I thought it might be fun to tell you about a project (in-progress!) I’m working on with the Brattleboro Historical Society. It’s an exhibit all about Brattleboro that will be on display at the Vermont Historical Society in Montpelier, from August to January.
BHS hired me on to do exhibit design and project manage, two things I enjoy doing. I also love Brattleboro history.
The first step was to meet with exhibit team. This is a group of dedicated BHS volunteers and board members, all experts in varying aspects of Brattleboro’s story. Our first goal was to narrow the broad topic of “Brattleboro” to something a bit more manageable. We had a few clues provided by VHS, such as telling us to expect lots of school children and grandparents to come through the exhibit.
One early idea was to show how kids lived in different eras, from pre-European colonists to the modern day. Another idea was to limit our look at Brattleboro to a single topic, such as factories.
In the end, the decision was made to focus on a time period: 1870-1920. It’s a great time, historically speaking, in which Brattleboro grew from a dusty little town into the place we pretty much recognize today. Main Street buildings we know went up (Brooks House, Crosby Block, etc.,) there were steady technological advances, and personal transportation switched from horses to cars.
We then worked on an organizational structure to tell the story. Thinking of that time period, and world’s fairs and Valley Fair, we decided to divide the topic into four sections, much like pavilions or exhibits at a fair. Geography & Transportation, Downtown & Main Street, Industry & Commerce, and Arts & Culture would be our main topics.
The exhibit will fill an entire gallery room at VHS. Our plan calls for some large panels that tell the overall story, some larger framed items, then a series of smaller panels that can be paged through for each topic. We’ll have some artifacts on display, a large floor map of Brattleboro from the 1890’s showing downtown businesses, and plan to give away a postcard about Brattleboro so visitors can continue to be reminded of here after they leave the exhibit.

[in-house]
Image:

With the exhibit concept defined and a structure to follow, we set out on writing the exhibit story. This began with brainstorming and listing of everything interesting about our era, by topic. It was a noun dump, and we ended up with a long list of everything we should try to mention and why. We were also able to rule out some interesting itmes that didn’t fit within our dates. Constraints can be helpful in design.
Research followed, nailing down additional names, dates, and other details.
A draft of the exhibit story was then written, and re-written. Various members of the team checked facts, did proofreading, and final edits. Others selected images to accompany the story. Captions had to be written in much the same way. There were, as wordsmiths would expect, healthy arguments about how best to describe an person, place or event. If we say our exhbit era was “prosperous” does that imply that at other times we are not?
Panel layout came next. All of this work had to be made presentable. This meant choosing typefaces and colors, deciding on page layouts, adjusting text and images to fit, and making it easy to read. We wanted to keep sentences short and concise, and break up our long essay into smaller, easy to digest nuggets by adding subsection headers and such.
Whle all of this was underway, BHS embarked on a fundraising effort to help cover the costs of printing, displays, and so on. As I type, more and more local businesses and individuals are making contributions. The Chamber of Commerce, for example, has agreed to sponsor the postcard.
We’re not done yet. The panels are at the printer (we’re doing as much of this exhibit locally as possible), other items may be framed, and the exhibit team is now focused on filling up the stands holding the smaller flip panels and gathering artifacts for display. We have more captions to create, and a Thank You panel to print.
At the end of July, we’re loading it all into a truck and taking it to Montpelier for set-up.
Brattleboro did a lot of interesting things between 1870-1920 as you likely know. I hope you can get up to Montpelier to see this exhibit in its intended setting. This exhibit team is working quite hard to make it worth a visit. (There’s a good possibility it may be on display when it returns to Brattleboro, too.)
If you have any questions, fire away….